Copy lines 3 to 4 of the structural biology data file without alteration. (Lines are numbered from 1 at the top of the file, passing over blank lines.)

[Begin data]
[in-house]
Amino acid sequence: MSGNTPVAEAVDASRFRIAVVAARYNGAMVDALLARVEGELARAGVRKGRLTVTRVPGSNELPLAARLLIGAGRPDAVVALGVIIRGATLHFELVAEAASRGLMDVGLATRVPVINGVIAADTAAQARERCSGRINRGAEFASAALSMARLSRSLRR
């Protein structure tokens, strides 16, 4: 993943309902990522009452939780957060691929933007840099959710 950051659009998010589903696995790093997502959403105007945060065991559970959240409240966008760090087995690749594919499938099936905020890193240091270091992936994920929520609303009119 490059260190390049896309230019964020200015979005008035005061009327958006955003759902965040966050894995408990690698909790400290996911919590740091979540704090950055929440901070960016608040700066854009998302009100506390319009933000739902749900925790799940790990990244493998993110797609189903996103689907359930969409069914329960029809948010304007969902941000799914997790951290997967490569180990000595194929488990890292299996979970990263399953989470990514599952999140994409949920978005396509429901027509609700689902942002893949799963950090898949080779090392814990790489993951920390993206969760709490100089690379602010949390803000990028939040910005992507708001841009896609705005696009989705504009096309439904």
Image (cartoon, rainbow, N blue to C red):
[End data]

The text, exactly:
């Protein structure tokens, strides 16, 4: 993943309902990522009452939780957060691929933007840099959710 950051659009998010589903696995790093997502959403105007945060065991559970959240409240966008760090087995690749594919499938099936905020890193240091270091992936994920929520609303009119 490059260190390049896309230019964020200015979005008035005061009327958006955003759902965040966050894995408990690698909790400290996911919590740091979540704090950055929440901070960016608040700066854009998302009100506390319009933000739902749900925790799940790990990244493998993110797609189903996103689907359930969409069914329960029809948010304007969902941000799914997790951290997967490569180990000595194929488990890292299996979970990263399953989470990514599952999140994409949920978005396509429901027509609700689902942002893949799963950090898949080779090392814990790489993951920390993206969760709490100089690379602010949390803000990028939040910005992507708001841009896609705005696009989705504009096309439904």
Image (cartoon, rainbow, N blue to C red):